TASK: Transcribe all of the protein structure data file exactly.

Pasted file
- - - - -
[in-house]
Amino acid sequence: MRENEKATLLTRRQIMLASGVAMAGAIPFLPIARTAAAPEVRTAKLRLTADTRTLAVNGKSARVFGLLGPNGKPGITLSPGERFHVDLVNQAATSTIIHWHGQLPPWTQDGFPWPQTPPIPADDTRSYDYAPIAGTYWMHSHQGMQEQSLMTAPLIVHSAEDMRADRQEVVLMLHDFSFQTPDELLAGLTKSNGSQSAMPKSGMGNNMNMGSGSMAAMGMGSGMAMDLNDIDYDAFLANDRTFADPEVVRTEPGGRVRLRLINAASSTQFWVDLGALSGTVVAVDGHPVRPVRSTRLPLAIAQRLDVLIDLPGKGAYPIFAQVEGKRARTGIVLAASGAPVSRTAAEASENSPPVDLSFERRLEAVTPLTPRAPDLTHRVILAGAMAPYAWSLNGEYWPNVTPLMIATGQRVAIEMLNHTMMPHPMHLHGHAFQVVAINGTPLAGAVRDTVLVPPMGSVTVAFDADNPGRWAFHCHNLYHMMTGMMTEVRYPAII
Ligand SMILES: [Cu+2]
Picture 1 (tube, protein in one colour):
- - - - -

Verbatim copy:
[in-house]
Amino acid sequence: MRENEKATLLTRRQIMLASGVAMAGAIPFLPIARTAAAPEVRTAKLRLTADTRTLAVNGKSARVFGLLGPNGKPGITLSPGERFHVDLVNQAATSTIIHWHGQLPPWTQDGFPWPQTPPIPADDTRSYDYAPIAGTYWMHSHQGMQEQSLMTAPLIVHSAEDMRADRQEVVLMLHDFSFQTPDELLAGLTKSNGSQSAMPKSGMGNNMNMGSGSMAAMGMGSGMAMDLNDIDYDAFLANDRTFADPEVVRTEPGGRVRLRLINAASSTQFWVDLGALSGTVVAVDGHPVRPVRSTRLPLAIAQRLDVLIDLPGKGAYPIFAQVEGKRARTGIVLAASGAPVSRTAAEASENSPPVDLSFERRLEAVTPLTPRAPDLTHRVILAGAMAPYAWSLNGEYWPNVTPLMIATGQRVAIEMLNHTMMPHPMHLHGHAFQVVAINGTPLAGAVRDTVLVPPMGSVTVAFDADNPGRWAFHCHNLYHMMTGMMTEVRYPAII
Ligand SMILES: [Cu+2]
Picture 1 (tube, protein in one colour):